City of Bel Aire
Citizenship University offers information about how government works, what government does, and the rights and responsibilities of living in Bel Aire, Kansas and the United States. While government may seem intimidating or unresponsive, it does not have to be. Promoting education and open, honest government are two goals to which the City of Bel Aire is committed. Whether you're new to government or just need a civics refresher course, this page is designed to promote understanding between governments and the people they serve. Have a question about local government? Send us an email by clicking here and we'll answer your question. If it's a common question, we'll even publish it on our website.
Sunrise Students take over City Council
Sunrise Christian Academy Government Students took up the reins of City Government on January 7th as part of their annual City Government Day. A total of 41 freshmen, sophomores, juniors and seniors gathered in the Council Chambers to watch their elected colleagues take on the challenges of government.
Each of teacher Peggy O'Donnell's classes elected a City Council Member and the Sunrise Mayor was elected at large. After being sworn in by another student acting as the City Clerk, the Sunrise City Council tackled an agenda packed with controversial issues. Council members discussed issues ranging from motorized scooter laws to the removal of tree branches from private property.
Students in the audience played the roles of Police Chief and Parks Director. Other students acting as concerned citizens offered spirited arguments about the freedom of property and the role of government. The City Council even went into executive session, emerging five minutes later to dismiss the Police Chief, prompting laughter from the audience. After the meeting, students were treated to tour of the Bel Aire Police Station and City Offices.
For more information on Sunrise Christian Academy's Government Day, read the Bel Aire Breeze's February edition.
Could you pass a citizenship test?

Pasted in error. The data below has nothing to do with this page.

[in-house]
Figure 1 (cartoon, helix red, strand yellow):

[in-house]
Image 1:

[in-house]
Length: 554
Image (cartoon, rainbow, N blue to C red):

Each year, thousands of people apply for U.S. citizenship. One part of this application process is a citizenship test. The U.S. Citizenship and Immigration Services (USCIS) administers the test and chooses from a list of 100 questions. The questions range in difficulty and attempt to assess an understanding of American government, history and culture. A score of 85% is needed to pass the test. The History Channel provides an interactive quiz and listing of all 100 questions on the citizenship test. Do you think you could pass the test?
Take the U.S. Citizenship Quiz
Local Government Dictionary
Government can be very confusing…especially when terms or phrases are used that are not common. The Local Government Dictionary is here to help you navigate the sometimes confusing ways of government.
KOMA and KORA
The Kansas Open Meetings Act (KOMA) and the Kansas Open Records Act (KORA), are the Kansas laws that provide citizens the right to observe public meetings and have access to public records. KOMA and KORA insure that local governments are transparent and accountable. Both KOMA and KORA apply to city councils, county boards of commissioners and most sub-groups formed to assist them with public business. However, the laws do not apply to private citizens or meetings of private groups (home owner's associations, church groups, private clubs, private businesses, political party caucuses, etc.) or in case of the Executive Session of a governing body. In the City of Bel Aire, all meetings of the City Council and all the boards and commissions are subject to KOMA and KORA. Citizens are encouraged to attend these meetings or examine the records of these bodies, as apart of the City of Bel Aire's commitment to fair and transparent government.
For more information about KOMA and KORA, please visit the Kansas Attorney General's website.